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Meet the 102-year-old scientist who helped much smarter scientists put man on the moon

Franklin, TN —  Scientist, Neil Bennet was 52 on July 20, 1969, when Apollo 11 became the first manned spaceflight to land on the moon. After half a century, Bennet still remembers the moment like it was yesterday.

"I was in Minneapolis, working for General Mills on the Wheaties cereal line when I heard we had made it," Bennet told journalists from his one-bedroom apartment in Franklin. "I remember I was in the lab, trying to figure out how to make Wheaties stay crunchier in milk when Cronkite came on and announced we had landed on the moon. It was bittersweet."

The historic moment was bittersweet because Bennet had applied to work on the space program no less than 12 times before giving up and going to work for General Mills. Documents show his interview assessment scores were drastically lower than the actual Apollo scientists who worked on the moon landing. Still, Bennet feels he deserves his place in history.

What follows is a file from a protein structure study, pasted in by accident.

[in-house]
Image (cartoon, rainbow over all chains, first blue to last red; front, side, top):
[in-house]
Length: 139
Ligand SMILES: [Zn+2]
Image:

Bennet said, "Now, it is a little known fact that those Apollo scientists each ate two bowls of Wheaties on the morning of that mission... count 'em, two bowls! So, in reality, it was my work that helped fuel them to do their work. I sometimes wonder if they would have even made it if it wasn't for me."

Now 102, Bennet spends his days walking his dog, Luna, and telling anyone who will listen that he helped put a man on the moon. He said he plans to celebrate the 50-year anniversary of the moon landing with two bowls of Wheaties and a Moon Pie.

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